THE MAGNETRON BOX
The Magnetron was, and is, a device used to propogate microwaves of a certain series of frequencies. It was invented during the second World War as part of an aircraft radar system and, in essence, is a large, cylindrical copper block with holes and vanes cut in it. This shape does something to the microwaves which is totally mysterious to everyone who does not make a living working with such stuff and for our purposes totally irrelevant except that it is good to know where some of these names come from.
In the 1950s, a pair of French radisthesists, the Servanx brothers, had an inspiration, something rather rare in France. They looked at the cross-section of the magnetron and wondered if it would do anything with a pendulum. Well, to their joy, amazement and several bottles of cheap table wine, they learned that the pattern of the magnetron would act as a psionic amplifier.
From there it passed to the inventive hands of Christopher Hills, who while a bit of a nut (as most of us in this field tend to be) figured that if he added magnets around the outer circles he could boost the power of the pattern. That discovery of his, when I learned of it, became the innards of the Psionic Amplifying Helmet.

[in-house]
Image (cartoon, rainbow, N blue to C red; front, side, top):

From there I decided to try an experiment of my own. I took the pattern and put tuning dials in the outer circles, thus creating a tunable magnetron.
The instrument is used by placing a witness of the target along with anything else you wish to send to it in the center circle, as in any amplifying pattern. The tuning dials are then set to the rate for the combination and the machine is left to run.
To make this device, you will need:
A foil circle for the center.
8 rotary potentiometers (value unimportant)
1 screw and nut.
Open the box. Take the lid and glue the pattern onto it.
Glue the foil circle to the center circle of the pattern.
Punch holes in the center of each of the outer circles to mount the potentiometers.
Punch a hole in the center of the central circle for the screw.
Mount and wire the potentiometers as shown in the interior design.
Close the box.